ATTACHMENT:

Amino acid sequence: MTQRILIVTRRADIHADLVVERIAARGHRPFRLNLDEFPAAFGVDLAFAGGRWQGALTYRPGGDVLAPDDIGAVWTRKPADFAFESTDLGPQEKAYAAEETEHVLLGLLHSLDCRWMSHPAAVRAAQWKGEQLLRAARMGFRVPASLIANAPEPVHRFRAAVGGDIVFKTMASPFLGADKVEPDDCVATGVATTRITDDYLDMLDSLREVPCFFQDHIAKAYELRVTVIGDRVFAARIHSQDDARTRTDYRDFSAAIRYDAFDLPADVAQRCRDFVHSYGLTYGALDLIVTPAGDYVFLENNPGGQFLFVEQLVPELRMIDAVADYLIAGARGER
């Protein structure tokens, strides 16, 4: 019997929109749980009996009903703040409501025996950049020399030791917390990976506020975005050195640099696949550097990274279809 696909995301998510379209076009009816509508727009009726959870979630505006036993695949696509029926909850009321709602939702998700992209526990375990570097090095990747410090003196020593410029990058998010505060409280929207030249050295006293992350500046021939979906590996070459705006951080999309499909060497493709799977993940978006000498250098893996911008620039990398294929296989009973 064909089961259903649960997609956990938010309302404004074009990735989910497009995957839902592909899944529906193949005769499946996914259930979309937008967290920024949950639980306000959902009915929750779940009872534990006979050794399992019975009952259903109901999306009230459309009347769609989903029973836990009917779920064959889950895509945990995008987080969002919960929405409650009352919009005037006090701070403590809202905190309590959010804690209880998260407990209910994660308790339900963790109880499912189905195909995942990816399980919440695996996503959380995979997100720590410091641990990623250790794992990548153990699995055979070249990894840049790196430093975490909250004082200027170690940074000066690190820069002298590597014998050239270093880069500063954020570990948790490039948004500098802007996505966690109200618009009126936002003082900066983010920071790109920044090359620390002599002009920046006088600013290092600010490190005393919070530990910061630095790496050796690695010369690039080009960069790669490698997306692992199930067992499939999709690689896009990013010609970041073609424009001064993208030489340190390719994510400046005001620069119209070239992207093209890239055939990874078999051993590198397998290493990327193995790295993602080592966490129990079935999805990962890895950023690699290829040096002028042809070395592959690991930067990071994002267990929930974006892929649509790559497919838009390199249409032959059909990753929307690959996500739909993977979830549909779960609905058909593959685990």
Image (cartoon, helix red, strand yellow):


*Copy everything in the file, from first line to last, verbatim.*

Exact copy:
Amino acid sequence: MTQRILIVTRRADIHADLVVERIAARGHRPFRLNLDEFPAAFGVDLAFAGGRWQGALTYRPGGDVLAPDDIGAVWTRKPADFAFESTDLGPQEKAYAAEETEHVLLGLLHSLDCRWMSHPAAVRAAQWKGEQLLRAARMGFRVPASLIANAPEPVHRFRAAVGGDIVFKTMASPFLGADKVEPDDCVATGVATTRITDDYLDMLDSLREVPCFFQDHIAKAYELRVTVIGDRVFAARIHSQDDARTRTDYRDFSAAIRYDAFDLPADVAQRCRDFVHSYGLTYGALDLIVTPAGDYVFLENNPGGQFLFVEQLVPELRMIDAVADYLIAGARGER
């Protein structure tokens, strides 16, 4: 019997929109749980009996009903703040409501025996950049020399030791917390990976506020975005050195640099696949550097990274279809 696909995301998510379209076009009816509508727009009726959870979630505006036993695949696509029926909850009321709602939702998700992209526990375990570097090095990747410090003196020593410029990058998010505060409280929207030249050295006293992350500046021939979906590996070459705006951080999309499909060497493709799977993940978006000498250098893996911008620039990398294929296989009973 064909089961259903649960997609956990938010309302404004074009990735989910497009995957839902592909899944529906193949005769499946996914259930979309937008967290920024949950639980306000959902009915929750779940009872534990006979050794399992019975009952259903109901999306009230459309009347769609989903029973836990009917779920064959889950895509945990995008987080969002919960929405409650009352919009005037006090701070403590809202905190309590959010804690209880998260407990209910994660308790339900963790109880499912189905195909995942990816399980919440695996996503959380995979997100720590410091641990990623250790794992990548153990699995055979070249990894840049790196430093975490909250004082200027170690940074000066690190820069002298590597014998050239270093880069500063954020570990948790490039948004500098802007996505966690109200618009009126936002003082900066983010920071790109920044090359620390002599002009920046006088600013290092600010490190005393919070530990910061630095790496050796690695010369690039080009960069790669490698997306692992199930067992499939999709690689896009990013010609970041073609424009001064993208030489340190390719994510400046005001620069119209070239992207093209890239055939990874078999051993590198397998290493990327193995790295993602080592966490129990079935999805990962890895950023690699290829040096002028042809070395592959690991930067990071994002267990929930974006892929649509790559497919838009390199249409032959059909990753929307690959996500739909993977979830549909779960609905058909593959685990």
Image (cartoon, helix red, strand yellow):